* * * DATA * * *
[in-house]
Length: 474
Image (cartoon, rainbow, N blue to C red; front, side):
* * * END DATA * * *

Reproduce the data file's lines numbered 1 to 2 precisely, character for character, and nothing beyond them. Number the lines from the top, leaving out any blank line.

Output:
[in-house]
Length: 474